It stars Steve Buscemi, Simon Russell Beale, Paddy Considine, Rupert Friend, Jason Isaacs, Michael Palin, Andrea Riseborough and Jeffrey Tambor.

Based on the French graphic novel La mort de Staline, the film depicts the Soviet power struggles following the death of dictator Joseph Stalin (Adrian McLoughlin) in 1953.


Mainly went to see this because it was directed and co-written by Armando Iannucci, who made ‘The Thick of It’ and the USA version, Veep.

It feels like a toned down version of his TV series. There is less foul language. Some of it was a bit difficult to follow, but the humour in the situations were apparent and overall would give it a 3/5.

 

Black Panther

Black Panther is a 2018 American superhero film based on the Marvel Comics character of the same name. Produced by Marvel Studios and distributed by Walt Disney Studios Motion Pictures, it is the eighteenth film in the Marvel Cinematic Universe (MCU).

The film is directed by Ryan Coogler from a screenplay by him and Joe Robert Cole, and stars Chadwick Boseman as T’Challa / Black Panther, alongside Michael B. Jordan, Lupita Nyong’o, Danai Gurira, Martin Freeman, Daniel Kaluuya, Letitia Wright, Winston Duke, Angela Bassett, Forest Whitaker, and Andy Serkis.

In Black Panther, T’Challa returns home as king of Wakanda but finds his sovereignty challenged by a long-time adversary in a conflict that has global consequences.


Currently at 97% on Rotten Tomatoes, this is getting high praise. It’s easy to see why. Great visuals and sound, as expected. The story is about two characters and their conflict over the future for their country. Notable for being almost entirely a black cast, with the exception of Martin Freeman  and Andy Serkis. Freeman is an unlikely CIA agent and Serkis just gets to be cool and bad.

There is a good amount of humour throughout that lightens the tone. Some very good fight sequences, but rather obvious character CGI effects.

Also of note is the even balance between the influence of male and female characters, especially  in the second half.

Ultimately it’s a popcorn movie. It could have been more interesting with a different and more challenging ending.

Zach

Z for Zachariah
by Robert C. O’Brien (1974)

Z for Zachariah is a post-apocalyptic science-fiction novel that was published posthumously in 1974. The name Robert C. O’Brien was the pen name used by Robert Leslie Conly.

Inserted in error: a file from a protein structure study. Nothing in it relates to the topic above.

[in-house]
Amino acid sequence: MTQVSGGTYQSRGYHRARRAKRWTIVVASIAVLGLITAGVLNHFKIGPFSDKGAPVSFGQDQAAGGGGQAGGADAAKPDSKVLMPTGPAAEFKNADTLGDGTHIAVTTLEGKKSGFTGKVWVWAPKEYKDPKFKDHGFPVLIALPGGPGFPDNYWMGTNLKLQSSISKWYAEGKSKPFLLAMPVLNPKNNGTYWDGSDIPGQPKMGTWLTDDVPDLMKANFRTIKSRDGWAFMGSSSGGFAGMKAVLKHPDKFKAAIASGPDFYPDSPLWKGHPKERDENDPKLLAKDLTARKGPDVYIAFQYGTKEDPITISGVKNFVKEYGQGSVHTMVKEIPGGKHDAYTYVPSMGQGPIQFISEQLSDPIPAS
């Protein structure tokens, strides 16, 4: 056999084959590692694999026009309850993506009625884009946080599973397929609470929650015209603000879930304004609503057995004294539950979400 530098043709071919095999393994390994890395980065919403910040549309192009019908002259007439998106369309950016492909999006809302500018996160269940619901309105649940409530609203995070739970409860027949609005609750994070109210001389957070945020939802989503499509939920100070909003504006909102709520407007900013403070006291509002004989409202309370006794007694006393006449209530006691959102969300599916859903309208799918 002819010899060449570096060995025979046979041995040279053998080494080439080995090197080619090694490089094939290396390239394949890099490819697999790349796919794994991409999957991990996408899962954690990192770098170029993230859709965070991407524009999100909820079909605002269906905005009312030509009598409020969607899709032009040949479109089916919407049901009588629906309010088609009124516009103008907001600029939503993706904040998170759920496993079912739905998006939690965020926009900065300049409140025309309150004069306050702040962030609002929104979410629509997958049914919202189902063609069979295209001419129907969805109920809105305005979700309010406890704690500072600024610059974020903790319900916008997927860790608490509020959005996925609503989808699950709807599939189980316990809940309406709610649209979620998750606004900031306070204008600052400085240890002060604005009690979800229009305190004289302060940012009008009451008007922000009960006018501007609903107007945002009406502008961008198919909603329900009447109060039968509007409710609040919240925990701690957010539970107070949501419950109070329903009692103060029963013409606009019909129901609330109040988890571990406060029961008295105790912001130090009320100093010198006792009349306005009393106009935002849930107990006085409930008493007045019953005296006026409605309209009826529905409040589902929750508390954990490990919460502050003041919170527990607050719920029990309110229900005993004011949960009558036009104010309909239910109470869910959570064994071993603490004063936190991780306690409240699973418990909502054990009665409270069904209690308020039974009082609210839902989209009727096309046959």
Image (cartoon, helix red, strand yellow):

Set in the United States, the story is in the form of a diary written from the first-person perspective of sixteen-year-old Ann Burden, who has survived a nuclear war and nerve gas through living in a small valley with a self-contained weather system.


I’m sure I owned this book as a teenager, however I have no memory of reading it. In 2015 a film of the book was made.

Starring:

Margot Robbie is currently up for an Academy Award as Tonya Harding in the film I, Tonya.  Chiwetel looked familiar. He was in ‘Doctor Strange’ (2016) and ‘The Martian’ (2015).

The film has lots of differences from the book. The main protagonist, Ann is 16 in the book and  about 10 years older in the film (Robbie would have been 23). The book has only two characters, the film three and judging from the description the book was much darker.

Shot at Port Levy, Pine was arrested by police near Methven after failing to pass a routine roadside breath alcohol test. He pleaded guilty to drunk driving on March 17 2014, stating that he drank four vodkas at a local pub.

The movie received generally positive reviews. Rotten Tomatoes gives the film a 80% score based on 81 reviews. However low ratings in the USA meant it went straight to DVD and not to NZ cinemas.

It’s easy to see why. Despite being labelled as a Sci-Fi films, the only Sci-Fi element is the post-apocalyptic setting. It’s really about what happens when a girl, living on her own meets and lives with two men when they turn up in her valley. It’s slow moving and forgettable.

 

Coco

Coco is a 2017 American 3D computer-animated musical fantasy film produced by Pixar Animation Studios and released by Walt Disney Pictures. Based on an original idea by Lee Unkrich, it is directed by Unkrich and co-directed by Adrian Molina.

The story follows a 12-year-old boy named Miguel Rivera who is accidentally transported to the land of the dead, where he seeks the help of his deceased musician great-great-grandfather to return him to his family among the living.


Based around the Mexican Day of the Dead holiday. A young boy (Miguel) wants to become a musician like his ancestor Ernesto de la Cruz, a popular actor and singer. Somehow Miguel moves into the land of the dead and he seeks out Ernesto to help get him back.

The design is bright and vibrant, with lots of eye candy and a sprinkling of action. The characters are all engaging enough, but it’s the plot really draws you in and provides the emotional resonance that  delivers an emotional ending.

Rating – 5/5

The first best movie of 2018.

3 Bills

Three Billboards Outside Ebbing, Missouri

A 2017 drama film written, co-produced, and directed by Martin McDonagh. It stars Frances McDormand, Woody Harrelson, and Sam Rockwell. McDormand plays a mother who rents three billboards to call attention to her daughter’s unsolved murder.


It’s easy to see why this film has critical appeal. It’s a dark and twisting tale of what happens when a bereaving  mother takes matters into her own hands. It may be labelled ‘black comedy’, but there isn’t anything to laugh at here. It’s more like a morality story.

As the 19 year of love interest of McDormand’s ex husband says.. Anger Begets Anger.

The film is currently at the Oscars for Best Picture, Lead Actress and Supporting Actor (Harrelson & Rockwell) and original screenplay.